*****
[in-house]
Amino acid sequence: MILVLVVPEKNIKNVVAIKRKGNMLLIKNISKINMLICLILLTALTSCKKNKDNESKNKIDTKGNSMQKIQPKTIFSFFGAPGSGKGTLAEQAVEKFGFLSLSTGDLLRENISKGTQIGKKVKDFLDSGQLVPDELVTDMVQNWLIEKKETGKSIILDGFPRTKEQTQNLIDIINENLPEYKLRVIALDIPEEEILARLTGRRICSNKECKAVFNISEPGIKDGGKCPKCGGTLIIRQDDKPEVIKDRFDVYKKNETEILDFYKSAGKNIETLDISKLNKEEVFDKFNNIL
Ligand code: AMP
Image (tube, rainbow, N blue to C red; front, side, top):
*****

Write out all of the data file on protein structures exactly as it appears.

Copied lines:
[in-house]
Amino acid sequence: MILVLVVPEKNIKNVVAIKRKGNMLLIKNISKINMLICLILLTALTSCKKNKDNESKNKIDTKGNSMQKIQPKTIFSFFGAPGSGKGTLAEQAVEKFGFLSLSTGDLLRENISKGTQIGKKVKDFLDSGQLVPDELVTDMVQNWLIEKKETGKSIILDGFPRTKEQTQNLIDIINENLPEYKLRVIALDIPEEEILARLTGRRICSNKECKAVFNISEPGIKDGGKCPKCGGTLIIRQDDKPEVIKDRFDVYKKNETEILDFYKSAGKNIETLDISKLNKEEVFDKFNNIL
Ligand code: AMP
Image (tube, rainbow, N blue to C red; front, side, top):